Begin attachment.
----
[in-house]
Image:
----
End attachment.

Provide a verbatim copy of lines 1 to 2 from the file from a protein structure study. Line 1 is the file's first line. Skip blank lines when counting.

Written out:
[in-house]
Image: